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METRO COMMER. REAL ESTATE, INC. v. REALE

June 19, 1997

METRO COMMERCIAL REAL ESTATE, INC., Plaintiff,
v.
ANTONIO REALE, Defendant.



The opinion of the court was delivered by: BRODY

 Anita B. Brody, J.

 June 19, 1997

 Before me is the Motion of Plaintiff Metro Commercial Real Estate, Inc. ("Plaintiff") to Amend Judgment to Include Contractual Interest. A judgment in favor of Plaintiff for $ 690,750.00 was entered against Defendant Antonio Reale ("Defendant") on October 10, 1996, following a jury verdict on Plaintiff's claim for breach of contract. Plaintiff now requests that the judgment be amended to include interest it claims accrued under the terms of the contract. Defendant opposes Plaintiff's motion on grounds that the entire amount of interest claimed by Plaintiff is barred as "postpetition interest" under the Bankruptcy Code, or alternatively, on grounds that the amount claimed is excessive because the interest should have been calculated as simple interest accruing from the date Plaintiff's complaint was filed (April 21, 1995), rather than as compounded interest accruing from the date the brokered leases were terminated (December 23, 1993). For the reasons stated below, I will grant Plaintiff's motion, with the exception that the amount of interest shall be recomputed as simple rather than compound interest. Accordingly, Plaintiff will be directed to submit an updated motion setting forth the amount of simple interest it claims is due as of the filing date of its new motion, and Defendant will be given an opportunity to respond solely for purposes of contesting any inaccuracies in Plaintiff's calculations.

 I. DEFENDANT'S LIABILITY FOR CONTRACTUAL INTEREST

 Plaintiff claims that it is entitled to interest on the basis of paragraph 6(G) of the commissions contract, which provides that "in the event [Lan Associates] fails to make payments within the time limits set forth herein, then from the date due until paid, the delinquent amount shall bear interest at prime." Defendant does not contest Plaintiff's general premise that the obligation to pay interest under paragraph 6(G) is a valid contractual debt of Lan Associates XIV, L.P ("Lan Associates"). Rather, Defendant contends that he, as the general partner of Lan Associates, cannot be liable for the interest because Lan Associates, as a result of its bankruptcy, is not liable for the interest.

 Defendant's argument is unavailing. Assuming for present purposes that Lan Associates received a discharge in bankruptcy as Defendant asserts, it is true that the discharge would bar Plaintiff from moving against Lan Associates' assets to satisfy its debt for the contractual interest, just as the discharge bars Plaintiff from pursuing Lan Associates for the underlying commissions. See 11 U.S.C.A. § 524(a) (West 1993 & Supp. 1997). A bankruptcy discharge, however, does not affect the liability of any other entity liable on the debtor's debt, but rather only bars a creditor from pursuing the discharged debtor for that debt. Section 524(e) of the Bankruptcy Code specifically provides that "discharge of a debt of the debtor does not affect the liability of any other entity on, or the property of any other entity for, such debt." 11 U.S.C.A. § 524(e) (West 1993). Thus, a creditor may seek to satisfy the debt from any individual or entity other than the debtor that is also liable for the debt, such as a partner of a discharged debtor-partnership. See, e.g., Sealy Bros. v. Farmers Home Admin. (In re Sealey Bros.), 158 Bankr. 801, 806 (Bankr. W.D. Mo. 1993). Defendant, as a general partner of Lan Associates, is liable for the contractual debts of Lan Associates. *fn1" See Del. Code Ann. tit. 6, § 17-403(b) (1993); Del. Code Ann. tit. 6, § 1515(a)(2) (1993). *fn2" Thus, Lan Associates' discharge in bankruptcy is no bar to Plaintiff's claim against Defendant for interest, which is a contractual debt of the partnership for which Defendant is also liable.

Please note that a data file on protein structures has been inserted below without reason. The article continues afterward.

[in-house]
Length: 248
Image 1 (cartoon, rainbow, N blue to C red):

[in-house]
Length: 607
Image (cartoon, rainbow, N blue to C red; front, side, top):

Defendant relies on § 502(b)(2) of the Bankruptcy Code, however, to support his position that even if he is liable for the commissions themselves, he is not liable for the interest that accrued on those commissions under the terms of the commissions contract. Section 502(b)(2) of the Bankruptcy Code provides that when a party in interest objects to a claim filed against the debtor's bankruptcy estate, "the court . . . shall determine the amount of such claim in lawful currency of the United States as of the date of the filing of the petition, and shall allow such claim in such amount, except to the extent that such claim is for unmatured interest." 11 U.S.C.A. § 502(b)(2) (West 1993). Defendant contends that because all of the interest that Plaintiff claims under the contract accrued after Lan Associates filed for bankruptcy in July 1992 ("postpetition interest"), this interest was "unmatured interest" on the date the petition for bankruptcy was filed and that therefore Plaintiff's claim for the contractual interest would have been disallowed had Plaintiff filed a claim against Lan Associates' bankruptcy estate. Defendant reasons that because Plaintiff could not have recovered the contractual interest from Lan Associates in the bankruptcy proceedings, it cannot recover such interest from Defendant who, as a general partner of Lan Associates, is only derivatively liable for the obligations of the partnership.

 Defendant misunderstands the operation of § 502(b)(2). Assuming for present purposes that Plaintiff's claim for contractual interest would have been disallowed had it filed a claim against Lan Associates' bankruptcy estate, this circumstance would not relieve Defendant of liability for the contractual interest in a separate action brought against Defendant after the termination of the bankruptcy proceedings. Section 502(b)(2) does not substantively alter the debt for contractual interest, but rather for reasons of bankruptcy policy prohibits creditors from asserting claims for such interest against the debtor's bankruptcy estate. The United States Supreme Court has explained that the "basic reasons for the rule denying post-petition interest as a claim against the bankruptcy estate are the avoidance of unfairness as between competing creditors and the avoidance of administrative inconvenience." Bruning v. United States, 376 U.S. 358, 362, 11 L. Ed. 2d 772, 84 S. Ct. 906 (1964). *fn3" The reason postpetition interest is disallowed is